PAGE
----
Finnish documentarian Jessica Oreck's Aatsinki: The Story of Arctic Cowboys follows an indefinite period in the lives of a family of reindeer herders in Northern Finland, adjacent to the Arctic Circle. Much has already been made in the press of the fundamentalism of Oreck's approach. She's a direct-cinema purist and, true to form, omits all fanfare and exposition...read more
Finnish documentarian Jessica Oreck's Aatsinki: The Story of Arctic Cowboys follows an indefinite period in the lives of a family of reindeer herders in Northern Finland, adjacent to the Arctic Circle. Much has already been made in the press of the fundamentalism of Oreck's approach. She's a direct-cinema purist and, true to form, omits all fanfare and exposition to give us one of the most matter-of-fact onscreen chronicles of grassroots husbandry in memory. Some critics have favorably likened Aatsinki to Lucien Castaing-Taylor and Ilisa Barbash's sheepherding documentary Sweetgrass (which also lacked voice-overs), but such comparisons are sophistic and insulting to Oreck. That was a pretentious, boring, and vulgar travesty; Aatsinki is in many ways the film Sweetgrass should have been -- a suitably languorous yet engrossing trip through a world that most of us are only vaguely aware of. In terms of what Aatsinki achieves, it feels like a descendant not of Barbash and Castaing-Taylor, but of the grand dame of observational documentaries, Ulrike Ottinger, especially her 1992 opus Taiga. Oreck is working on the same skill level as Ottinger, and like that German pioneer, she keeps enabling us to look beyond the immediate into the infinite.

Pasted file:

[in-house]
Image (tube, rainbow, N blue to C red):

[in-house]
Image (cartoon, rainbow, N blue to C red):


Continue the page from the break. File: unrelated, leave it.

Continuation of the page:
At its core, then, the film offers a profound existentialist riff, a poignant meditation on the nature of our existence as a species. In the aforementioned reindeer herders -- with their ritualistic, instinctive behavior and working practices -- Oreck perceives a unique window into mankind's proximity to the animal kingdom out of which it evolved. Just as we may look at the caribou, milling about in herds, and ponder what they are up to, so the conspicuous absence of soundtrack elaboration regarding the humans leaves beguiling enigmas surrounding them. Consider, for example, a brutal late-film sequence wherein several of the herders pin down terrified reindeer calves and trim their ears with razors. Does this have a purpose? Undoubtedly so, although the lay viewer will find it indecipherable; it's as alien to most of us as the behavior of the animals themselves. And at other times, we sense uncanny parallels between the species, as in a scene in which a herder boards a snowmobile and tracks a wolverine relentlessly through the snowbound fjords.
On a similar note: There are also elegantly conceived, zen-like sequences involving the human participants that purposefully contain no action -- in which the herders sit alone, staring into the distant sky. Emptiness hangs in the air, and vast unspoken questions linger about the purpose not simply of these individuals, but all of us. One wonders, rightly, if some metaphysical significance to these lives actually exists. Perhaps not, Oreck seems to be saying; perhaps all of the activities that we use to fill our time on Earth are simply handy distractions. Yet the film also gives us the impression that these herders are in some way less pretentious than those of us who claim to be more sophisticated -- the herders are more genuine, that is, by living and functioning in closer proximity to the natural world and the divide between Homo sapiens and other species. When we get long, meditative shots of trees fossilized by ice, caught beneath dusk-enshrouded pastel skies, Oreck seems to be exhorting her viewers to embrace and appreciate the creation that ensconces us, as these herders have.
In terms of its scene and shot composition, then, Aatsinki feels impeccably conceived and gauged -- the rare documentary that transcends the ostensible boundaries of its subject. Some observers have gently taken Oreck to task for her refusal to provide anything beyond a faint semblance of a human narrative here. Within the confines of direct cinema, it's true that other recent directors have traveled further in this direction: Consider Swedish filmmaker Linda Västrik, for example, with her 2013 masterpiece Forest of the Dancing Spirits. In the case of Oreck's film, however, such narrative threads would feel like serious miscalculations by working against the documentary's brooding, nihilistic undercurrents.